News
Print PDF

August 6 2012 Issue

Monday, August 06, 2012
Sandler, Travis & Rosenberg Trade Report

Boosting Exports, Domestic Manufacturing is Aim of Bipartisan Senate Effort  

A bipartisan group of senators announced Aug. 1 a legislative package that seeks to increase U.S. manufacturing, competiveness and exports. The “Building a Stronger America Act” initiative includes some of the same provisions as the “Make It In America” plan unveiled by House Democrats in July but could stand a better chance of congressional approval with backing by both Republicans and Democrats. 

The Senate package includes the following measures. 

- Enforcing Orders and Reducing Customs Evasion Act, S.1133, which requires U.S. Customs and Border Protection to establish procedures for investigating claims of evasion of antidumping and countervailing duty orders 

- Global Investment in American Jobs Act, S.3274, which (a) requires the Department of Commerce to lead an interagency review of U.S. laws and policies on foreign direct investment and make recommendations to make the U.S. more competitive and (b) expresses the sense of the Senate that it is a good idea for the U.S. to attract inbound investment by removing unnecessary barriers and promoting good polices 

- Export Promotion Act, S.2171, which updates the duties of the Trade Promotion Coordinating Committee to improve the coordination of export promotion activities within the U.S. in order to target and develop new export markets for U.S. products 

- Small Business Export Growth Act, S.3218, which revises membership of the TPCC to include one member that represents state agencies with responsibility for export promotion and export financing and also requires a report on the development of a single Web site for complying with and disseminating information about U.S. export control laws and regulations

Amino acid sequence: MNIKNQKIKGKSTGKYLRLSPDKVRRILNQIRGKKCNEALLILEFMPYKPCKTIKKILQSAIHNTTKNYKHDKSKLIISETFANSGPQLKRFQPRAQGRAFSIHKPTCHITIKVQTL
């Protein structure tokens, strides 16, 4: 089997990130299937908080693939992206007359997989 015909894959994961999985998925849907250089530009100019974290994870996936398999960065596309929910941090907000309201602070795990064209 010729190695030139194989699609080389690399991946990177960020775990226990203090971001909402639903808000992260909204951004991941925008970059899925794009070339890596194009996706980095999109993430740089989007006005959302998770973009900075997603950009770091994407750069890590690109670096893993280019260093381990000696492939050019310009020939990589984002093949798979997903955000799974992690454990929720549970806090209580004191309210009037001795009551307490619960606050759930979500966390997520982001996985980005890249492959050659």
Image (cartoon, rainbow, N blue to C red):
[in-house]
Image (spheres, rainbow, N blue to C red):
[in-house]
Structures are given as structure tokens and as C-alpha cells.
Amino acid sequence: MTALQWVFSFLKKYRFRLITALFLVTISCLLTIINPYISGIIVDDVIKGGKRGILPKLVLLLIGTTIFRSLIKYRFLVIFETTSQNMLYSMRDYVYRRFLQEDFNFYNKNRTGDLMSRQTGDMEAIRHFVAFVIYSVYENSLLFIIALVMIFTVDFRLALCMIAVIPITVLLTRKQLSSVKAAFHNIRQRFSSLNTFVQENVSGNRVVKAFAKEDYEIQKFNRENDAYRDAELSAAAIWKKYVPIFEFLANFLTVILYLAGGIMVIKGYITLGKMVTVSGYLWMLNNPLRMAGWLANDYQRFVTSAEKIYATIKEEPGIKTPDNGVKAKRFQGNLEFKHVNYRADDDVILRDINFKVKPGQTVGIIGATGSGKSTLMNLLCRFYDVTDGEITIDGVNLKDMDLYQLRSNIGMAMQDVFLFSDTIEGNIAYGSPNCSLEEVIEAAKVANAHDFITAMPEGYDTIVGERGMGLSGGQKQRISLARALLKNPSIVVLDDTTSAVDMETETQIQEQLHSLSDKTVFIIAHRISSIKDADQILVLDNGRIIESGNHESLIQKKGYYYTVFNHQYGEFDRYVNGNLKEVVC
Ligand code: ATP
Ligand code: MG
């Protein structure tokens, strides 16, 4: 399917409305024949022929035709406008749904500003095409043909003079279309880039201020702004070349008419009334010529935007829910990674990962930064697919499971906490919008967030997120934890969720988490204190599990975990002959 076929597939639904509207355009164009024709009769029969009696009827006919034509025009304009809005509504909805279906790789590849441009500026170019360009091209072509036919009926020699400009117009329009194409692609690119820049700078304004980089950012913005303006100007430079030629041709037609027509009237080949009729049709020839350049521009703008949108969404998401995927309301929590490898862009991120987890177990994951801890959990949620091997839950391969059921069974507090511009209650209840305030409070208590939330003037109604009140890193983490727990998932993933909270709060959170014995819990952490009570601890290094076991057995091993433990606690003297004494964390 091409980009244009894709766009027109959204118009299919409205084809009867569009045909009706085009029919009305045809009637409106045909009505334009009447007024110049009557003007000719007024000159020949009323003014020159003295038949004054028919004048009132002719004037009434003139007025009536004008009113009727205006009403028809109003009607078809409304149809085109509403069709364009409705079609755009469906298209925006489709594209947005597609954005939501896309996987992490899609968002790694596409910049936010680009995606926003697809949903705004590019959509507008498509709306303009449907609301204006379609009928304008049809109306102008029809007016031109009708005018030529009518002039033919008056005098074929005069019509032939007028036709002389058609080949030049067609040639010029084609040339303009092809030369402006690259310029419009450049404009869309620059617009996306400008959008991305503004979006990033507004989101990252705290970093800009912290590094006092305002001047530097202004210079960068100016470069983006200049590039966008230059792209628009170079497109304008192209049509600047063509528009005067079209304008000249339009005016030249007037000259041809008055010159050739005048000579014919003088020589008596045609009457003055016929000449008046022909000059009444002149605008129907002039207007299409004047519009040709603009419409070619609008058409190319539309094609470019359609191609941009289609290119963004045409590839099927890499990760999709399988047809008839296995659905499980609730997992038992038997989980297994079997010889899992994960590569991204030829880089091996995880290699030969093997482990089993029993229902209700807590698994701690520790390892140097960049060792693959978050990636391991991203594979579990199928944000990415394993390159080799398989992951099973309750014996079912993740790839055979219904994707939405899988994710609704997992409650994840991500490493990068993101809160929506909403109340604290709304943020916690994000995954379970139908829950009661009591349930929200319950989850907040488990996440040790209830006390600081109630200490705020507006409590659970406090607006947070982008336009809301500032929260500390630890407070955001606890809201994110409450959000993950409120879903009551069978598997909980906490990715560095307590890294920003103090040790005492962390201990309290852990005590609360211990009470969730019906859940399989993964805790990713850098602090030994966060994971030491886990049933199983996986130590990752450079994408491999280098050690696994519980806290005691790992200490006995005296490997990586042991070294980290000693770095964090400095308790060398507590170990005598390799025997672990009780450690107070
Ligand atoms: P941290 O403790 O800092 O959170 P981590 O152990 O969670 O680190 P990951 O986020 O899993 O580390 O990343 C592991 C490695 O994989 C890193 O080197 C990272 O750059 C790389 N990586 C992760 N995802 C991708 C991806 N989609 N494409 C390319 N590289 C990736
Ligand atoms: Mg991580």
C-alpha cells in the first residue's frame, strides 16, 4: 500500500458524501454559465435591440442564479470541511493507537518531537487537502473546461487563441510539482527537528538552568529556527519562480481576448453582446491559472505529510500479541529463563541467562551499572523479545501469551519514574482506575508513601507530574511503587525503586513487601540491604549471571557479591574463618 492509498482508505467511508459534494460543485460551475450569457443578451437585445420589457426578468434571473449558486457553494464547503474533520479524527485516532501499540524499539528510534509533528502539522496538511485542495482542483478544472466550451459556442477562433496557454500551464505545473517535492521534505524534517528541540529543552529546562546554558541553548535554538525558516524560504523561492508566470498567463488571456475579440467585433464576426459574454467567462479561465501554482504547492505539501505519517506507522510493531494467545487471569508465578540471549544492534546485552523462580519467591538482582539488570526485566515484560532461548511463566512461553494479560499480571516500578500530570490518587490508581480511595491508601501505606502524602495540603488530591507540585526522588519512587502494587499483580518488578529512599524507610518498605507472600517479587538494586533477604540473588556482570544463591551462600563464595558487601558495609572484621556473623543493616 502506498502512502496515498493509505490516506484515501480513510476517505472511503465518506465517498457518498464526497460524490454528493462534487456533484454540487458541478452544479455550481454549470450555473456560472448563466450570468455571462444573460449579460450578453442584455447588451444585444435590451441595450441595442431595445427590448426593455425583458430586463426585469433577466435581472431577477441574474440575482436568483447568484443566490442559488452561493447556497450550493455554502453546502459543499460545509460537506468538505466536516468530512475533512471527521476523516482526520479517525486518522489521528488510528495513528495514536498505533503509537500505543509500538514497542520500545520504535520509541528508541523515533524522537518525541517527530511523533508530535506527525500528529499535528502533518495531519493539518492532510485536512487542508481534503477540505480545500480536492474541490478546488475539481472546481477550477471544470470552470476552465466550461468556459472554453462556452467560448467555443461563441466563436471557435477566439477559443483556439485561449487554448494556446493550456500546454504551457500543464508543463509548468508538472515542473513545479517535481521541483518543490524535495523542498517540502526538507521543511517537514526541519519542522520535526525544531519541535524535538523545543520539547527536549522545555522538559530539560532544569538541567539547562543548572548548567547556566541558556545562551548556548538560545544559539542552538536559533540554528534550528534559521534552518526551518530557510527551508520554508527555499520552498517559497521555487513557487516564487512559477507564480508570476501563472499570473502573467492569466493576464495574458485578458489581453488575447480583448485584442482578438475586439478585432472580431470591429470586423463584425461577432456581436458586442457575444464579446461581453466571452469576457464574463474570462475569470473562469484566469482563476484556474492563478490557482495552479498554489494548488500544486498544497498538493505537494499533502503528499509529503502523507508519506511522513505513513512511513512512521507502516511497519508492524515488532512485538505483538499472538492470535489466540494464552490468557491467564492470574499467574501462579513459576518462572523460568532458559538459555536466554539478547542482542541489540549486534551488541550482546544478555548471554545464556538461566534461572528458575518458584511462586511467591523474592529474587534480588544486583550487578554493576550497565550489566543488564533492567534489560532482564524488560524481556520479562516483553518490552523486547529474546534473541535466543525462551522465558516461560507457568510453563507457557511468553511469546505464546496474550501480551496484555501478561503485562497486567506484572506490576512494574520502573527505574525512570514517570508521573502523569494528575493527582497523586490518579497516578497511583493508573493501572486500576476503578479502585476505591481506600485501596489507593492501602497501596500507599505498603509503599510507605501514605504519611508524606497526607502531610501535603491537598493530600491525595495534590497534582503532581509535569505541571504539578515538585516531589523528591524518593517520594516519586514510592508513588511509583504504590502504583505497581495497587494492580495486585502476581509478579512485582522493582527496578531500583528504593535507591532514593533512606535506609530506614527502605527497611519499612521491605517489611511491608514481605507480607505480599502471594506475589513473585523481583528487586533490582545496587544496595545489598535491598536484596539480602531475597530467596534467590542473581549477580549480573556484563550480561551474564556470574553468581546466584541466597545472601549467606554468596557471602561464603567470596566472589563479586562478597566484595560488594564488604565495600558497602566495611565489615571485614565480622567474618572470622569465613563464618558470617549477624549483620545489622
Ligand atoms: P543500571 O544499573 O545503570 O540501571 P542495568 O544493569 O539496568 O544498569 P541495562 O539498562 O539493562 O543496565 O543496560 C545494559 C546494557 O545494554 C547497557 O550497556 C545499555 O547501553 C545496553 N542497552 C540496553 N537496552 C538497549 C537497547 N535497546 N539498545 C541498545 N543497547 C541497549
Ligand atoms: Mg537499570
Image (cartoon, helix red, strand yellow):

- Strengthening Employment Clusters to Organize Regional Success (SECTORS) Act, S.665, which directs the DOC to award three-year competitive industry or manufacturing sector grants to encourage industry growth and competitiveness and improved training, retention and advancement in targeted industry clusters 

- WIN Jobs Act, S.1948, which directs the DOC to establish the Innovation in Investment pilot program to make competitive grants to business and higher education consortia that would expand workforce training in high-tech manufacturing and developing industries through public-private partnerships 

- America Recruits Act, S.1247, which establishes a grant program to states to encourage the in-sourcing of new manufacturing facilities and directs the DOC to ensure that industry-approved certification assessments and standards are established and available to providers of education and training programs in manufacturing and information technology 

EU Sees Increase in Detentions of IPR Infringing Goods  

European Union detentions of imports for infringing intellectual property rights are continuing to rise, a recent report from the European Commission finds. There were 91,254 customs interceptions of infringing goods in 2011, up 15% from 2010 and more than 1,000% over the past decade. Authorities detained 114.8 million articles, up from 103.31 million in 2010, and the value of the goods detained increased to €1.27 billion from €1.11 billion. 

According to the report, China continued to be the main source country of goods suspected of IPR infringement, with 73% of the total articles detained, followed by Hong Kong (7.7%), Greece (4.8), India (3.3%) and the United Arab Emirates (2.8%). The report also identifies the primary sources of infringing goods in particular categories, including China for body care items, textiles and apparel, shoes, sunglasses, bags, jewelry, toys and games, cigarettes, tools, office stationery and lighters; Turkey for foodstuffs; Panama for alcoholic beverages; Thailand for non-alcoholic beverages; Hong Kong for mobile phones and accessories and computer equipment; and Syria for recorded CDs and DVDs.